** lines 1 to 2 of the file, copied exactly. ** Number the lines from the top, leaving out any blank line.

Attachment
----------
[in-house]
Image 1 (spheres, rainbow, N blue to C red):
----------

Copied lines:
[in-house]
Image 1 (spheres, rainbow, N blue to C red):